As passengers aboard the steamboat Fidele prepare for their trip from St. Louis to New Orleans, they read a placard offering a reward for the capture of an imposter from the East a confidence man. During the trip, the imposter assumes many disguises as he goes about the boat cheating and duping passengers out of their money. In confrontations between the confidence man and...more
Something further may follow of this Masquerade.
but this reader’s glad it didn’t, as his enthusiasm for the book faded toward the end. Which isn’t to knock the book necessarily, since The Confidence Man is almost more of a conceptual piece than a novel; meaning that the idea is as important, or even more, than the actual ...more
Strange, that in a work of amusement, this severe fidelity to real life should be exacted by anyone, who, by taking up such a work, sufficiently shows that he is not unwilling to drop real life, and turn, for a time, to something different. Yes, it is, indeed, strange that any one should clamour for the thing he is weary of; that any one, who, for any cause, finds real life dull, should yet demand of him who is to divert his attention from it, that he should be true to that dullness.Well said, ...more
Combustible, brilliant, dialectical, like a Marx brothers film in the mid American 19th Century. Literally filled with ramshackle, charming, sleazy, opportunistic, phantasmal, eccentric, grotesque, gaudy, loquacious characters who are all out to
* Talk- to anyone, about anything, especially their own opinions, biases, agendas, philosophies and observations
* Trick- (see above) that is, to "con" anyone they can get their hands on to abide by or follow or merely acknowledge their particular grievan ...more
But I've already touched on the heart of the matter. Sustenance. To be thought ...more
Not too long after leaving the Missouri shore, I began to have doubts that I would be able to complete the voyage. Any reader can have little doubt that Melville was a skilled and articulate writer, unfortunately I was ...more
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MELVILLE'S ALMA AND THE BOOK OF MORMON
ROBERT A. REES
In letters to three different people, not long after Mardi had been published, Melville spoke of what he felt was its latent excellence. To his father-in-law Judge Lemuel Shaw, he wrote, “Time, which is the solver of all riddles, will solve 'Mardi'.”1 In a letter to Richard Bentley, 5 June 1849, Melville assured him, “ ...more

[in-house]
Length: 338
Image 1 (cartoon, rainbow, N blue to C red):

A long overdue re-reading of Melville's strangest, darkest novel -- the last he published in his lifetime. This edition features an introduction and extensive annotations by H Bruce Franklin who does an impressive job teasing out the novel's many themes, references, games, and double-meanings. This is a novel one should approach with care -- it is, as the title would suggest, filled with tricks and disguises. Melville's sentences are usually clearer and more colloquial than those of his contempo ...more
Interesting from a disability angle be ...more
Characters and readers are kept off balance in "The Confidence-Man" (1857), after which Herman Melville turned his back on the novel form forever. The book begins as a parade of knaves and suckers move on and off stage on a Mississippi steamboat trip begun on April Fool's Day. There are trusting fools and unscrupulous con men aplenty here, and we often don't know ...more
I read Moby Dick many years ago and thought it was okay (it’s a very ‘gothic’ novel) and I’m half way through Typee (his first novel) so I can’t speak for his other novels (some of which are highly spoken such as White-Jacket) but this is one serious book with some very important underlying messages for humankind.
As other reviewers have pointed out, there is no straight clear linear narrative here and the reas ...more
I had no inclination what a timely book this would be now that our democracy is beset by real confidence-men. This was an especially challenging read, posing more questions than offering any answers. Melville's confidence-man does not rip off his victims so much as reveal the hypocrisy in their core beliefs and institutions: charity, religion, medicine, and capitalism to name a few. With so much contemporary talk about restoring consumer conf ...more
However...I made it about 20% of the way in and decided that it's really just not worth it.
There's definitely some interesting things going on, but it's all hiding between rather convoluted English and a not-very-exciting storyline, as well as no real characters to even connect with that the whole thing becomes quite ...more
"Have you conf ...more
I can't remember the last time I read anything as steeped in didactic allegory: Piers Plowman, maybe. This April Fool's journey down the Mississippi from St. Louis to somewhere south of Cairo had me very much at sea, even with Mr. Franklin's copious foot-notes; I came to realize how unfamiliar I am with American literature and philosophy of the 19 ...more